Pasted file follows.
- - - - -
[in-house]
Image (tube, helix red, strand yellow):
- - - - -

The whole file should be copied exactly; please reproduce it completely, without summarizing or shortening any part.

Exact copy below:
[in-house]
Image (tube, helix red, strand yellow):